Adversus Judaeos tracts by Tertullian (ca. 198, see also Note #20) and other Christian Fathers (Notes #6, #8, #13, #17), cast “Jews,” present or not, into enduring symbols of divine wickedness and treachery. in Adversus Judaeos tracts by Christian Fathers such as Tertullian (ca. 198, see also Note #20, p. 198). “The ‘wrath upon the Jews,’ poured out by Christianity, represents this ever-unsatisfied need of the Church to prove that it has the true content of the Jewish scriptures by finally making ‘the Jews’ (Jewish teaching authority) ‘admit’ that this is the true interpretation. Until Jewish religious tradition itself accepts this as the ‘real meaning’ of its own Scriptures, ‘the Jews’ must be kept in the status of the ‘enemies of God,’ in order to ward off that unthinkable alternative, suppressed at the very beginning, by the decision of faith upon which Christianity was founded” (Ruether 1974, pp. 94–95). See also Notes #7, #18.

Failure to gain Jewish approval for Gentile Christianity’s Scriptural presumptions made Jewish presence an uncomfortable contrast to Gentile Christianity’s early social status. To many Romans, early Christianity was a disreputable sect, a rejected offshoot of disinterested Jewish parents. “[T]he relationship between Jews and Christians may generally have been important for Christians as part of their self-definition, but it was much less crucial for Jews, who could ignore for much of Late Antiquity what Christians thought and did” (Goodman 2007b, p. 175). According to Carleton Paget (p. 253) the Roman world did not recognize early Christianity as “a movement of any significance.” Against such Christian ignominy, Jewish status in Roman society was quite the reverse. “With their legal position secured by Roman law, a clearly defined sense of self, not least in theological terms, and a tangible presence throughout the communities that made up the urban infrastructure of the later Roman world, Jews possessed much of what [early] Christians could only dream of” (Rutgers p. 5).

Unfortunately for Jews, disparaging Jews in Christianity’s early century beginnings continued in various ways despite gaining Roman imperial power in the fourth century:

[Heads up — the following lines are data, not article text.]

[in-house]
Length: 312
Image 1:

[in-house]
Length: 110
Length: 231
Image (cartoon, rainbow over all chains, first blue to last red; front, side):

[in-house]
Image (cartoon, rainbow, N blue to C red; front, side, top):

• As conscienceless murderers for the killing of Jesus (Notes #8, #21).
  • As villainous misanthropes for their “exclusivity” and “peculiarities” (Notes #3, #22).
  • As irreverent blasphemers for contesting Christian reinterpretations of the Jewish Scriptures (Notes #7, #18).
  • As demonic sinners for refusing to become Christians (Note #11).

By the end of the fourth century, these abusive characterizations became standard in the Christian ethos. Anti-Jewish hostility now included governmental support for Christian bias that allowed forced conversion of Jewish synagogues into Christian churches (Rutgers). St. Justin Martyr’s earlier plea that Christian forgiveness extends to all, even their Roman persecutors (1 Apology XIV, ANF p. 167), did not apply to Jews. Former Christian entreaties for tolerance and “love your enemies” was replaced by fierce contempt, followed by cruelty and oppression that extended not only to Pagans and Jews, but even to fellow Christians labeled as “heretics.” Ordinary Christians were taught “that life here and now is insignificant … and that their real enemies were those enemies of God and his Church who, if they were not suppressed, would endanger men’s immortal souls and bring them to perdition. ‘Heretics’ and ‘schismatics’, as well as ‘unbelievers’, were an entirely new kind of internal enemy, invented by Christianity, upon whom the wrath of ‘right-thinking people’ could be concentrated, for in paganism the phenomena of ‘heresy’ and ‘schism’, as of ‘unbelief’, were inconceivable” (Ste. Croix 1981, p. 452).

“[U]nder most emperors from Constantine through Justinian and Zeno and others even later, it is not easy to separate ecclesiastical history from imperial, since to one degree or another emperors regarded themselves and were accepted as having a most important voice, indeed very often a decisive voice, in church affairs. The two forces, ecclesiastical and imperial, have been seen working together, … always in agreement about one essential, to rid God’s world of nonbelievers” (MacMullen, pp. 29–30).

By the reign of Christian Emperor Theodosius II (408–450 C.E.), laws pertaining to Jews included the following, many fully enforced:

  • Jews were excluded from public office.
  • Jews were barred from any court rank or military position.
  • Jews were forbidden to purchase Christian slaves.
  • Jews who converted Christians to Judaism were sentenced to death, and the property of such converts was confiscated.
  • Jews who married Christians were sentenced to death.
  • Taxes collected by Jews for the Jewish Patriarch in Palestine were all to go to Christian charities.
  • No new Jewish synagogues were to be built.
  • It was a crime to repair Jewish synagogues.